We're celebrating 10 Days of Membership! Today's Gift: $20 off your professional membership with promo 10DAYS20OFF
Training, policies and tools to help HR prevent and respond to harassment claims.
Is your employee handbook keeping up with the changing world of work? With SHRM's Employee Handbook Builder get peace of mind that your handbook is up-to-date.
Develop your HR competencies and knowledge in-person in 12 U.S. cities or virtually.
#SHRM18 will expand your perspective – on your organization, on your career, and on the way you approach HR. Join us in Chicago June 17-20, 2018
More than 1 in 4 Americans deal with an on-the-job bully. While there are no general civility or anti-bullying laws in place at the federal or state levels, companies that want to vanquish bullying in the workplace can adopt their own guidelines or codes of conduct. That begins by enforcing a policy statement asserting that all people, regardless of race, gender, background, belief system or position in the company, will be treated with respect, dignity and civility. In addition, the policy should state that any type of bullying that demeans, diminishes, defames or belittles a person through rumors, lies, devious and selfish acts, unilaterally boastful comments about self and derogatory comments about others, antisocial or aggressive behavior, or any acts that create a hostile work environment will not be tolerated.
Here are some strategies for managing bullies out of your business that I and my co-author, Molly D. Shepard, recommend in our book The Bully-Proof Workplace: Essential Strategies, Tips and Scripts for Dealing with the Office Sociopath (McGraw-Hill, 2017):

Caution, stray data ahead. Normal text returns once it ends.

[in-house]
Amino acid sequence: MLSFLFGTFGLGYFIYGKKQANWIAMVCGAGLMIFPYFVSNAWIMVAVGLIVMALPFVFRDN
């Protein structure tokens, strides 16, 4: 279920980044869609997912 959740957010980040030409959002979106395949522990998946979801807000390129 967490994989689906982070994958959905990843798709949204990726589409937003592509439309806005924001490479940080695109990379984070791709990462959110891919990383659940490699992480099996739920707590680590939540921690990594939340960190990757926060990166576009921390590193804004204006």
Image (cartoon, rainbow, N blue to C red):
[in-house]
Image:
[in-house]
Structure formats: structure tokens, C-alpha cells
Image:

-- Examine your own behavior to ensure that you are setting a good example. Remember, as a leader in your organization, you are a role model who can influence others, like it or not.
-- Discuss bullying behavior and its consequences openly with your team. Review the most appropriate ways of addressing it and eradicating it.
-- Do not stay silent if you experience bullying or see it. Remember, when someone exhibits bullying behavior and gets away with it, it reinforces the behavior.
-- Designate points of contact so employees know where to turn for help.
-- Take a stand for yourself. Stay calm, but refuse and rebuke the bad behavior in a forthright way.
We may not get bullies to admit that they are wrong, but their harmful behavior can be discouraged by individuals standing up for themselves in a workplace culture designed to support a bully-free work zone.
A bully-free workplace is a place where all workers are fully engaged and committed to the organization's mission, while maintaining positive relations with all stakeholders in the company; where workers communicate honestly—and respectfully—with colleagues, peers and bosses; where leaders engage with employees and listen carefully to gauge the pulse of the organization; and where relationships are reciprocal and responsibility is shared. It's a place where bullies' misbehavior is dealt with seriously so everyone can get on with their work.
Peter J. Dean, PhD., is the founder and president of Leaders By Design, a company that provides leadership development for executives.
You have successfully saved this page as a bookmark.
Please confirm that you want to proceed with deleting bookmark.
You have successfully removed bookmark.
Please log in as a SHRM member before saving bookmarks.
Your session has expired. Please log in again before saving bookmarks.
Please purchase a SHRM membership before saving bookmarks.
An error has occurred
Recommended for you
HR Education in a City Near You
SHRM’s HR Vendor Directory contains over 3,200 companies